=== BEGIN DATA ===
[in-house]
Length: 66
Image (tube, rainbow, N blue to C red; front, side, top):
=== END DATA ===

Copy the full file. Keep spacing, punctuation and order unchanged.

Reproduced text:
[in-house]
Length: 66
Image (tube, rainbow, N blue to C red; front, side, top):